Saturday, September 24, 2005

Hitchcock as 'auteur'

William Goldman, in Adventures in the Screen Trade, demolishes the ‘auteur’ theory that was so prevalent when I was young, particularly in regard to Hitchcock. He writes that those young French filmmakers got hold of a theory and needed to prove it at every point, and, as far as Hitchcock was concerned, they exceeded all boundaries. Especially Truffaut, who admired Hitchcock so enormously, he apparently couldn’t see anything wrong with what he did.

There’s no doubt Hitchcock made some wonderful movies. He made some wonderful movies that had longueurs in them (since we’re into the French here) and he made some movies that were nothing but longueurs, The Birds and Marnie being particular examples. The Birds, as well, must be one of the silliest movies ever made (and Tippi Hendri’s constantly perfect hairstyle doesn’t help). More, it has no resolution whatsoever, and reviewing it again recently, it hasn’t stood up to the test of time in any way. At the end you just wonder: well, what the heck was the point?

Goldman reminds us of a few others duds in Hitchcock’s late period: Torn Curtain, Topaz and, worse of all, Frenzy, that dreadful English piece with a leaden leading actor (but a decent supporting cast), and some of the most grotesque violence ever to appear in a Hitchcock movie. The colour is appalling, as are the effects, especially some of the matte shots. It’s as if Hitchcock the master had badly let himself down. Goldman calls them ‘awful, awful films.’

And finally, there was Family Plot, that last gasp, in which again Hitchcock allowed extreme miscasting (Bruce Dern, for one), and let awful effects shots remain in the finished movie, and failed to edit a particularly bad sequence: the stupid car ride down the hill, in which both of the actors are expected to keep on performing the same idiocies over and over.

I think my favourite Hitchcock is The Trouble with Harry, and yet it’s not one of his better known movies. It too has some bad effects, but overall it has a superb cast, playing wonderful roles (Mildred Natwick’s part here is second only to her mad witch in The Court Jester). Along with the other films of Hitchcock’s top American period, it has a wonderful script (the funniest he ever directed, by far), and at the end of the day, in spite of the absurdity of the whole thing, you come out feeling you’ve watched a film that was worth watching.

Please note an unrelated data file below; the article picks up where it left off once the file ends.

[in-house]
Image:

Where would Hitch have been without his scriptwriters? This is something else Goldman points out: the auteur theory falls down hugely because there are at least eight or nine top creative artists involved in making any film (that’s not to speak of the dozens of other creative people at work), and to credit all their work to the ‘auteur’ is just a piece of nonsense.

Still, at the time, it seemed to make sense!

When you go back to the early Hitchcocks, you almost have to wonder how it was he became known as such a doyen of suspense movies. He was certainly an innovator, but in terms of suspense, a number of his films lack real tension, and even some of his top American movies are stretched out almost to breaking point (Vertigo, for example). Perhaps at the time they seemed more suspenseful than they do now, when suspense is so much tighter. (The first version of The Man Who Knew Too Much loses all it’s gained by the overlong shoot-out sequence at the end, for instance. And the later version of it almost collapses while Doris Day sings her silly Che Sera Sera over and over.) Older films often are often slower paced, even when suspense is involved, and certainly more ‘talky.’ But the better ones integrate the talk and the action effectively.
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